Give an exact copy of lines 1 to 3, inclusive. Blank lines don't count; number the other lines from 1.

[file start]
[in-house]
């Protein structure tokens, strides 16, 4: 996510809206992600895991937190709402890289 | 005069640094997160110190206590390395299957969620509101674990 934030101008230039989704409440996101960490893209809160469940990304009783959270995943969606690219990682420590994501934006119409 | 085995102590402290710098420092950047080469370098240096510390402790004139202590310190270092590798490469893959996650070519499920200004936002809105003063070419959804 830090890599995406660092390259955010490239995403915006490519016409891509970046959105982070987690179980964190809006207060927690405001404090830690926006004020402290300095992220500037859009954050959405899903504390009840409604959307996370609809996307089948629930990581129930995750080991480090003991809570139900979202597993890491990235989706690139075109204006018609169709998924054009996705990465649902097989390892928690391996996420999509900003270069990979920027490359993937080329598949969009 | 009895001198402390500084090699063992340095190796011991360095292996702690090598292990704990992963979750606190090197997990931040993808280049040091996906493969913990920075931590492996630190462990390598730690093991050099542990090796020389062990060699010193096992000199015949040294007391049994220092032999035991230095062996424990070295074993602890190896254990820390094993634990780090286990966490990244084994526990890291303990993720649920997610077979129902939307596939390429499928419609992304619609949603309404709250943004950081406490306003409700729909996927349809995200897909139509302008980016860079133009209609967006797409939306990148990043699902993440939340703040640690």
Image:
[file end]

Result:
[in-house]
């Protein structure tokens, strides 16, 4: 996510809206992600895991937190709402890289 | 005069640094997160110190206590390395299957969620509101674990 934030101008230039989704409440996101960490893209809160469940990304009783959270995943969606690219990682420590994501934006119409 | 085995102590402290710098420092950047080469370098240096510390402790004139202590310190270092590798490469893959996650070519499920200004936002809105003063070419959804 830090890599995406660092390259955010490239995403915006490519016409891509970046959105982070987690179980964190809006207060927690405001404090830690926006004020402290300095992220500037859009954050959405899903504390009840409604959307996370609809996307089948629930990581129930995750080991480090003991809570139900979202597993890491990235989706690139075109204006018609169709998924054009996705990465649902097989390892928690391996996420999509900003270069990979920027490359993937080329598949969009 | 009895001198402390500084090699063992340095190796011991360095292996702690090598292990704990992963979750606190090197997990931040993808280049040091996906493969913990920075931590492996630190462990390598730690093991050099542990090796020389062990060699010193096992000199015949040294007391049994220092032999035991230095062996424990070295074993602890190896254990820390094993634990780090286990966490990244084994526990890291303990993720649920997610077979129902939307596939390429499928419609992304619609949603309404709250943004950081406490306003409700729909996927349809995200897909139509302008980016860079133009209609967006797409939306990148990043699902993440939340703040640690």
Image: